Getting More Gift Out of Gift Cards

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I have some issues with gift cards. To me, gift cards play off a widespread yet totally illogical sense of etiquette, in which giving cash seems crass, while giving gift cards—which are celebrated mainly for being as good as cash—is deemed more thoughtful and appropriate. Gift cards can also prod consumers to spend thoughtlessly and shop foolishly, mainly because these cards can be used like cash only buying with one doesn’t feel like buying at all.

Another problem is that consumers who are aware that billions of dollars worth of gift cards go unused regularly may be inclined to use them asap—because even if the value is spent in foolish ways, that’s better than seeing the cards go entirely to waste.

While gift cards are celebrated for giving consumers the ultimate freedom to get whatever they want without paying out of pocket, all of the above factors should make consumers realize that it’s the retailers and restaurants that come out on top from gift cards, not the folks who receive gift cards in their stockings that they may or may not ever use. Because it’s in the business’s interest to push gift cards, some companies—restaurants especially—are going so far as to offer bonuses with every gift card sold. A typical offer grants a $10 bonus gift card when a customer buys a separate $50 gift card.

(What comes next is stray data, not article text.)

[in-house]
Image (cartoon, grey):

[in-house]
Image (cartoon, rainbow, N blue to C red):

The fact that businesses offer what seems to be free money to consumers should tell you just how much in profits companies expect to make via gift cards.

All this said, I know there are tons of people—some in my family—who prefer gift cards mainly because they don’t feel comfortable giving cash. With them in mind, here are two resources that’ll help gift card buyers get the most out of the gift cards they pick up:

Wealth Informatics published a humongous list of 109 restaurants offering bonuses for gift cards purchased this holiday season, with the restaurants ranging from Steak ‘n Shake ($5 certificate with $25 gift card) to Ruth’s Chris Steakhouse (10% bonus card for cards over $250) and beyond.

A MoneyWatch’s Consumer Reporter post lists several sites, including Plastic Jungle,, and
Gift Card Granny, where you can buy gift cards for cheaper than face value. A $100 Macy’s card, for example, might be sold for $89.

Of course, that $89 is wasted if no one ever uses the card.